On our return to Hanoi from Halong Bay, we stopped to see a water puppet show in the lush, verdant countryside that makes up much of Vietnam. Water puppetry is an ancient Vietnamese art that dates back to the 11th century. It was started by rice farmers who, when their rice fields flooded, discovered that water was a great medium for puppets. The water hides the strings and rods of the Puppeteers, who are usually behind a curtain, and adds drama by making splashes and waves. It is a difficult art to perform as the puppets are large, weighing about 20 pounds, and need to be kept above the water and synchronized with the other puppets. It was cool to see, though after you have seen two or three water puppet vignettes of life in the Vietnamese countryside, you have pretty much seen them all.
After Halong Bay, it was back to Hanoi for the night. Then we were off to Phu Quoc Island for our much anticipated beach week in the tropical sun. Phu Quoc is Vietnam’s largest island and is surrounded by white sand beaches, while the interior is full of dense, tropical jungle. The island actually is located off the coast of Cambodia, and both countries lay claim to it. I could care less whose it is, because it is freaking paradise. I’ve spent alot of time on tropical islands in my life, mostly in the British, American and Dutch Caribbean, and Phu Quoc rivals any of them (including Phuket, Thailand). We stayed at a remarkable place on the beach called Chen Sea Resort and Spa (centarahotelsresorts.com) in a two bedroom villa with a plunge pool on the deck. (I’m telling you, Vietnam is so cheap right now that it is doable to stay in four and five star resorts and not go broke!) We ate, drank, lolly-gagged, got beach massages, and watched the sun set into the Gulf of Thailand many times.
The Chen Sea was so relaxing and comfortable that we only left it once during the five days we were there, and that was to visit the Dinh Cau night market in Phu Quoc’s capital, Duong Dong (visitphuquoc.info). The market is one long street, lit up like daytime, where vendors sell everything from fresh-caught fish to jewelry, and visitors can eat at a large variety of street food stands throughout. The market is clearly for tourists, though a good number of Vietnamese were eating there, which is always a good sign. We ate some street food and drank local beer for a while, then jumped back into our cab for the bumpy 20 minute ride back to our comfortable Chen Sea villa and a night swim in the pool.
My only concern about Phu Quoc is that it has been “discovered.” Unlike many vacation destinations in places like Thailand, Phu Quoc is relatively uncrowded with tourists, mostly undeveloped, and there is very little to do after dark except watch the stars and relax. 70% of the island is protected national park land, and there are few cars driving on the half-finished roads, meaning no traffic jams like we encountered in Phuket. Unfortunately, that could be coming to an end, as I heard that large hotel chains are getting set to break ground on new resorts on the otherwise empty, white tropical beaches. My advice to anyone looking to go tropical in Asia is to get your butt to Phu Quoc ASAP, because in a few years it probably won’t be the pristine paradise it is now.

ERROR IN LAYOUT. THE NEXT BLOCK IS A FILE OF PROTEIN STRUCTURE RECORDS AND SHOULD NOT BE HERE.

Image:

We left Phu Quoc after a glorious week of doing nothing and all felt the way a good tropical vacation is supposed to make you feel — food, drink, and sun-satiated. Back in the manic energy that is Hanoi, we checked in to the Intercontinental for our last night in Hanoi before the two-hour flight back to Shanghai the next day. (We flew Vietnam Airlines (vietnamairlines.com) to and within Vietnam, and they were great and are affiliated with Delta Airlines, so you can get Skymiles.) Before we left, we had dinner at a Vietnamese restaurant called Spices Garden at the Hotel Sofitel Metropole in the heart of Hanoi. The hotel was built in 1901 in French colonial style and is one of the few still left from that era (sofitel-legend.com). Architecturally, the hotel is a wonder to see, and its large, lush courtyard, with several restaurants and a poolside bar, makes you feel like you’ve been transported back 100 years to colonial Vietnam. The French-influenced cuisine of Vietnam is my favorite in the world, and like much of the food we ate in the country, the meal at Spices Garden was exotic, sublime, and wonderful.
Then we left for our home in Shanghai and I came to the conclusion that I was seriously in love with Vietnam, and would be back. The country and its people are wonderful and I hope (and fear) that one day it becomes one of the premier travel destinations in Asia. It is that stunning. Meanwhile, I have to contend with my lovely wife’s axiom that, while we are living in Asia, we never travel to any destination twice, no matter how wonderful it is. Her point, which is valid, is that we have a limited amount of time to get to lots of places in the Asia Pacific region. That said, the food, the people, the climate, and the beauty of Vietnam are calling me. Maybe next Chinese New Year, when we go to Cambodia, she won’t realize until it’s too late that we have a four-day layover in Saigon.
IMPORTANT VIETNAM TRAVEL TIP: When traveling to Vietnam, you are required to have a Visa to enter the country. There are two ways to do this: 1) Go to the Vietnam embassy and try to get one there, which means lines. 2) Do what we did and have your travel agent arrange for a letter from the embassy which, upon your arrival in Vietnam, will facilitate you receiving the Visa at the airport (our travel agent in Shanghai is Julie at firstname.lastname@example.org). When you get to the airport, you will need to go to the Visa entry office and hand them your passports, a completed application that hopefully your travel agent sent you, and the letter of approval to enter Vietnam. It is all very confusing at the airport, and you will literally hand over all your documents to official people who don’t speak a lick of English. Just do it and head to window on the other side of the same office and wait for them to call your name. When they do, be prepared to hand over $45 American per person, and they do not make change. After, they hand you back your passports with the attached visa, you can enjoy my new favorite country.